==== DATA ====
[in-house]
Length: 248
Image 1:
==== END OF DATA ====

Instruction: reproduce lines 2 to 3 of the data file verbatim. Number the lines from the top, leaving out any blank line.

Length: 248
Image 1: